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Saintfield (Rowallane) Golf Club, Belfast. (1890 - WW1)

Founded in 1896.

Captain in 1896/7 was J Napier of Saintfield.

Following is an extract from an article from the Belfast News-Letter Tuesday 11th August 1896 – “SAINTFIELD CLUB – In connection with this club a very interesting series of competitions for valuable prizes has been instituted. The first of these were played off at their links, Rowallane Demesne, during the past ten days, and was concluded on Saturday last by a magnificent exhibition of play by Messrs. R Carlisle and L Napier, the latter winning the deciding hole by a stroke. The following are the analysis of the play; First round – R Carlisle beat J T Simpson 4 and 3; J Napier beat T Napier 4 and 3; F H Scott beat W Dickson 5 and 4; L Napier beat S Dickson 5 and 4; L Napier beat S Dickson 2 and 1; C A Moorehead, bye. In the final L Napier beat R Carlisle 1 up.

These newly established links, which are about three quarters of a mile from Saintfield, certainly deserve the attention of golfers generally. Covering an area of fully one hundred acres, and situated so as to command a splendid view of both the Mourne Mountains and Strandford Lough, combined with the natural advantages of the ground, the links can compare favourably with many of the other inland ones in Ireland.

The first drive of about a hundred yards over some rather treacherous ground lands you nicely over a stone ditch and well in the open, from whence a long approach shot should land you on the putting green, which is in the bottom of pretty deep valley. This hole should be done in four.

Second Hole – From the teeing ground a steady shot will land you well up for a cleek shot for the green. Another four hole.

Third Hole – A very long drive land up to the borders of a belt of rushes, which guard the green, a strong shot with the brassey landing well over and in close to the hole. A three hole.

Hole Four – This is “the hole” of the links. A good drive lands to the bottom of “Devil’s Leap” bunker, where careful play over the embankment, leaves you on the top of the hill within a short distance of the hole. Very good in six.

Fifth Hole – A long straight hole over a stone obstacle. Should be done in five.

Sixth Hole – A long drive of 200 yards from a splendid teeing ground lands well to the bottom of a splendid ditch, after clearing which a stiff climb, played with either lofter or niblick, reaching hole on top of the hill in about five. A good hole in seven.

Seventh Hole – After driving down an iron shot will bring to the border of a ditch which guards approach to the hole. Here very careful play is necessary, as the ground is rather rough. A good hole in six.

Eighth Hole – Another good drive downwards brings ball to the edge of a belt of rough land covered with brambles, which requires a good lofted shot to clear and reach the green. Should be done in four.

Ninth Hole – Across a depression and up the side of a steep bank, from the top of which the putting green is easily accessible, brings us to the end of the course. With a good drive can be done in five.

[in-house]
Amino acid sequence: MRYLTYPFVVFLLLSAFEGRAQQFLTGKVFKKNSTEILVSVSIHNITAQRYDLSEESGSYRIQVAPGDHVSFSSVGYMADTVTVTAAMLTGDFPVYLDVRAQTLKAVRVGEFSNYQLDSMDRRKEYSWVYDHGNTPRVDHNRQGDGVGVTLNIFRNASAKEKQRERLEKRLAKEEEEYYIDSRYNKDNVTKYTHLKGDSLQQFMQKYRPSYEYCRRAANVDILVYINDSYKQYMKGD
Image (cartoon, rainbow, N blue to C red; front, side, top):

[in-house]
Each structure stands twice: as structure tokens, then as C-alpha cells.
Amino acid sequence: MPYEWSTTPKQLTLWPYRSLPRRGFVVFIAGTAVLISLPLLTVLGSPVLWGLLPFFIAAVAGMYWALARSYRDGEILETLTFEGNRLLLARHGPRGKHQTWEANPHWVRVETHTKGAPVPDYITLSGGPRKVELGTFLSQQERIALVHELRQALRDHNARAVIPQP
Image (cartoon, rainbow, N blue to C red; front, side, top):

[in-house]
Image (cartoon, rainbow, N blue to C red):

As can be seen from the following report from the Belfast News-Letter in December 1896 the club seemed to be making satisfactory progress. “A highly successful social gathering promoted by the Saintfield Golf Club took place in the Academy Hall. The Saintfield is one of our youngest Irish clubs, but it has already given strong indication of a vigorous and useful career. The links are laid out on ground which has been taken from Mr. J H Moore Garrett, J.P., on reasonable terms, and the turf is described by experienced golfers as particularly suited to the game, and, indeed, almost  equal to a seaside course. It has excellent advantages in point of situation, commanding a splendid view of the surrounding country, while from some of the more elevated parts it is possible on a clear day to obtain glimpses of the Isle of Man and the Scotch coast. There is an energetic committee, with Major M Blackwood Price, D.L., at its head as president; hon. secretary, Charles A Moorhead; hon. treasurer, R A Harbinson; captain during the past year, James Napier. The membership roll is fairly numerous, and is constantly being increased, not a few of those associated with the club being ladies. There was a large gathering of members and invited friends.”

In May 1897 the annual open competition for the Captain’s Prize was held at the Shane’s Park Golf Club (now also defunct.) In the final were H Armytage-Moore and J Cowan (Antrim,) the former winning by 2&1. Mr Armytage-Moore was a prominent member of Antrim and Saintfield Golf Club.

An Open Competition was to be played on the Saintfield course on the 13th May 1889. Prizes to the value of; £2/2s, £1/1s and 10s, entrée fee was 2s/6d. Entry to be sent to the secretary, H J Press.   

The following is from the 1905 Nisbet's Golf Tearbook; *Instituted 1890; Hon. secretary - L Napier, Central Branch Belfast Bank; Captain, J V L Glendening; Entrance fee, £1/1s and subs 10s/6d; 18-holes; Professional, W Watson; amateur record, 98; Terms for visitors 5s a month.  The course is half a mile from the station, and from it splendid views of Scotland and the Isle of Man can be obtained. The hazards consist of bunkers, ditches, whins etc. Visitors can have refreshements at the Golf house. Hotel -  "Price Arms." 

*Above it states Instituted 1890. This is the only publication that gives this date.

There is an entry for the club in The Golfing Annual 1909/10. The secretary was L Napier, Bank House, Saintfield.    

The Google Map below shows Rowallane Gardens.